Fifth Missing Element – Context. According to Verizon’s 2016 Data Breach Investigation Report, over 90% of cyber breaches are discovered by third parties.[27] At first blush, the rate of third party discovery seems alarming. But upon further reflection, the reason that compromises are discovered by third parties and not internal security analysists is clear – the machine data can only be understood by applying the context of subsequent events. For example, when money is misapplied, accounting personnel become aware of a problem. Subsequent investigation ultimately leads to the initial spearphishing email. The key dot required to connect the dots occurs outside of the machine data after the machine events are completed. The true nature of the machine data is emergent and can only be determined forensically. Thus, as Li and Clark discuss in their book, “Security Intelligence,” no Advanced Persistent Threat has ever been discovered before the damage was done. They conclude that cyber intelligence is purely a forensic tool in the Advanced Persistent Threat defensive landscape. [28]

Sixth Missing Element – Time. An unfortunate corollary of the context element is time. Unlike the promise of forward focused activity that will provide a base of actionable knowledge, the reality is that forensic activities are not predictive, but investigative. The first detective to arrive at the murder scene arrives AFTER the murder has occurred. Real time data is not predictive of the future.

Only by adding the six missing elements to the machine data can the entire operating environment be seen. Adding these six elements reveals the significance of the cognitive dimension in the cyber engagement.[29] Unlike chess, where observing the board provides perfect information about the current state of the engagement, in cybersecurity the observable data is incomplete and can be a deceptive misrepresentation of reality. Adversaries cheat and lie.[30]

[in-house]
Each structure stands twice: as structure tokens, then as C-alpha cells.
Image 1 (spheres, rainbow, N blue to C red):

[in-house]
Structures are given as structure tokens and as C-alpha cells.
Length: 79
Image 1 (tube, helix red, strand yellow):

Scientism - The Flawed Philosophy of Cyberintelligence

Osarno, et al. describe the defensive identify and respond decision cycle as set forth in Figure 2.[31]

Figure 2- Identify and Respond Process

The premise of cyberintelligence is that by applying analytic processes to an incomplete stream of machine data which is salted with deceptive content, the compromising event will be detected in time for the identify and respond process to act preemptively.

Regrettably, understanding what happened before is not generally predictive of the future. Karl Popper, in works such as The Poverty of Historicism, established that, except in limited cases, the past is not predictive of the future. Popper observed that the predictive power of incremental information was applicable only in systems which are well-isolated, stationary, and recurrent (like our solar system). The predictive power of historical data in some systems (such as predicting eclipses in the Sun, Earth, Moon system) is not applicable to cybersecurity. Cybersecurity, with rapid changes in technology and the adaptive behavior of attackers, defenders and users, is not such a system. In systems that are not isolated, stationary, and recurrent, collecting more information does not equate to having more knowledge. “[N]o society can predict, scientifically, its own future states of knowledge.”[32]

NSA Methodology for Adversary Obstruction

The NSA is one of the world’s foremost practitioners of intelligence. In August of 2015, the NSA’s Information Assurance Directorate issued written cybersecurity guidance. Rather than offering the false hope of real time intelligence, the NSA took a different approach. The NSA analyzed the adversary’s tactics, techniques and procedures (TTP). The NSA’s guidance focuses on impeding the adversary at each phase of the adversary’s intrusion. This guidance is called “NSA Methodology for Adversary Obstruction.”[33] In the Methodology for Adversary Obstruction, the adversary’s progress is broken down into three phases. The first phase is the Access Phase, during which the adversary seeks system access. The second phase is the Persistence Phase, during which the adversary creates a presence in the network to support subsequent actions. The final phase is the Control Phase, during which the adversary uses its influence over the system to attain its objectives. Consistent with these phases, the NSA offers eleven “Targeted Mitigation Techniques.” These are: